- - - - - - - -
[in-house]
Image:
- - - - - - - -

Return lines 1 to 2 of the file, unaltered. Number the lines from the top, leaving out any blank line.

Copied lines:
[in-house]
Image: